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Mood Swings

Discussion in 'Shares' started by Simon, 25th Aug, 2007.

  1. Simon

    Simon Well-Known Member

    17th Sep, 2005
    How would you feel if you walked into a shoe shop and the manager rushed up and told you to buy extra shoes because prices had skyrocketed? Or if nervous customers warned you not to buy any socks because sock prices had fallen by half? You'd feel that both the manager and his customers had taken leave of their senses. Yet that's the kind of logic we see in financial markets all the time: people buying shares because their price is rising and selling shares because their price is falling.

    We've been witnessing sharemarkets around the world doing both those things in recent days - sometimes both on the same day.

    Read the rest at:

    The herd's suffering mood swings again - Business - Business -
  2. Rob G.

    Rob G. Well-Known Member

    6th Jun, 2007
    Melbourne, VIC
    Hi Simon,

    Buying a security simply because of how you think the price will move tomorrow is NOT investment in my opinion, but merely speculation on herd sentiment.

    However, in trying to price a security you need to know how much risk.

    Unfortunately with the world awash with cheap credit even conservative Value Investors find it difficult to gauge risk. This is because a company can borrow cheaply to buy back its shares and distort the PE ratio without doing a damn thing to add value to the company except add risk via borrowing.

    Combine that with the fact that many investors are geared this makes the cost of capital subject to your lenders valuation of risk. In these days even banks don't care about your income stream - they only care about the price movement of the asset you have offered as security. So your costs are governed by your lender's valuation of your investments - which may be at odds with your valuation (i.e. margin call & associated costs) !!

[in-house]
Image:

Also, many lenders sell their debts to middlemen who package these up as securities. Trouble is the laws governing these middlemen is a bit lax. Some will package low-doc loans as 'residential mortgage backed debentures' - i.e. junk bonds by a very different name. If you can't work out the value of basic debt instruments then how can you price risk ???

    So you see this debt is on a continuous merry-go-round and even the big boys like institutions and governments are getting burned as transparency disappears and repackaged as other securities. Nobody believes the rating system any more and there is a risk of a credit squeeze.

    If you really want to price a company as a going concern you should ignore PE ratios & look at cash flow statements or even something as simple as the annual tax liability where it is not hiding in a tax haven. It can be quite an education.

    But then again how many people actually read the financial reports ? Most don't get past the share price figures in the newspaper.


  3. Sk3tChY

    Sk3tChY Well-Known Member

    4th Aug, 2007
    Sydney, NSW
    I'd say they need a smack in the back of the head..! :p